The traditional finance people will point to gold or foreign currencies as a potential solution. I disagree. As I have been saying for years now, bitcoin is going to be the big winner in my opinion. The decentralized, digital currency was built out of the ashes of the last financial crisis and I believe it will achieve global adoption through the current one.

I know that many people will question whether we are actually in a financial crisis right now. All that I ask is for you to do your own research. Look at the data. Identify the strong and weak points of the economy. Take a look at bank balance sheets, government debt, and the current inflation levels that are accelerating, rather than decelerating month-over-month.

This situation is very troublesome. Some of you will also argue that bitcoin is not the solution. That is fine. In fact, it is good to be skeptical. Bitcoin needs critics. But if you are going to take that position, make sure you have done your homework first. Read the bitcoin white paper. Ensure you understand the pros and cons of a programmatic monetary policy, especially in light of undisciplined fiat monetary policy.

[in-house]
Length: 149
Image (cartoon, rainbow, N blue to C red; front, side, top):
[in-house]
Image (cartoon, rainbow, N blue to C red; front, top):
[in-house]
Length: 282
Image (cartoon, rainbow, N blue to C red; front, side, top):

It is going to be essential that you pay attention in the coming weeks. You need to be informed. As Vladimir Lenin said, “There are decades where nothing happens; and there are weeks where decades happen.” Given that two of the three largest bank failures in US history happened last week, these may be a few weeks where decades happen.

Hope you all have a great weekend. I’ll talk to everyone on Monday.


Reader note: I write this letter every morning as a way to organize my thoughts and solicit feedback from smart individuals like yourself. The letter is sent for free once a week and to paid subscribers four times a week. If you would like to receive this letter every day, you can subscribe here for $100 per year. Hope you join us.